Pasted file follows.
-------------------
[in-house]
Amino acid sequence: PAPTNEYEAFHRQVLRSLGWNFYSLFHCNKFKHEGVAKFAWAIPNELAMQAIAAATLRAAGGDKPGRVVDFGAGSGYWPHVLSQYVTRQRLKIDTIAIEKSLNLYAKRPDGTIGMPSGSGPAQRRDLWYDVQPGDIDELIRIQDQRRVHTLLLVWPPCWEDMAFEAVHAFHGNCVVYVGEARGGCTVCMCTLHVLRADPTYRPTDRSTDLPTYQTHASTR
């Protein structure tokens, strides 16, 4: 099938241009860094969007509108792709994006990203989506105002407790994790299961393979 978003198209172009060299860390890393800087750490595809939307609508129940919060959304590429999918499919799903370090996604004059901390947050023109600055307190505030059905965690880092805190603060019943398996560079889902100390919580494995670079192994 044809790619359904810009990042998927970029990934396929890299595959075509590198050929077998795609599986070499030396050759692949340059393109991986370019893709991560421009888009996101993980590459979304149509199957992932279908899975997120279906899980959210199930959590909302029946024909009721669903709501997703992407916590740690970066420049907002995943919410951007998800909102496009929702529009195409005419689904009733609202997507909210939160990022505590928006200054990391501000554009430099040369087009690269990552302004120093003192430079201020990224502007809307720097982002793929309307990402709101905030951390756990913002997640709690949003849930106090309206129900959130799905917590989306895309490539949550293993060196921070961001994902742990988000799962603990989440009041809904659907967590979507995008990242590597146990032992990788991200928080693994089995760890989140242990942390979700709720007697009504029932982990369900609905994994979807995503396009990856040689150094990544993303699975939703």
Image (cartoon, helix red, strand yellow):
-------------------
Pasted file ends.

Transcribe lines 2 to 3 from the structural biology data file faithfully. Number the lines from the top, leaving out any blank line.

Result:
Amino acid sequence: PAPTNEYEAFHRQVLRSLGWNFYSLFHCNKFKHEGVAKFAWAIPNELAMQAIAAATLRAAGGDKPGRVVDFGAGSGYWPHVLSQYVTRQRLKIDTIAIEKSLNLYAKRPDGTIGMPSGSGPAQRRDLWYDVQPGDIDELIRIQDQRRVHTLLLVWPPCWEDMAFEAVHAFHGNCVVYVGEARGGCTVCMCTLHVLRADPTYRPTDRSTDLPTYQTHASTR
């Protein structure tokens, strides 16, 4: 099938241009860094969007509108792709994006990203989506105002407790994790299961393979 978003198209172009060299860390890393800087750490595809939307609508129940919060959304590429999918499919799903370090996604004059901390947050023109600055307190505030059905965690880092805190603060019943398996560079889902100390919580494995670079192994 044809790619359904810009990042998927970029990934396929890299595959075509590198050929077998795609599986070499030396050759692949340059393109991986370019893709991560421009888009996101993980590459979304149509199957992932279908899975997120279906899980959210199930959590909302029946024909009721669903709501997703992407916590740690970066420049907002995943919410951007998800909102496009929702529009195409005419689904009733609202997507909210939160990022505590928006200054990391501000554009430099040369087009690269990552302004120093003192430079201020990224502007809307720097982002793929309307990402709101905030951390756990913002997640709690949003849930106090309206129900959130799905917590989306895309490539949550293993060196921070961001994902742990988000799962603990989440009041809904659907967590979507995008990242590597146990032992990788991200928080693994089995760890989140242990942390979700709720007697009504029932982990369900609905994994979807995503396009990856040689150094990544993303699975939703």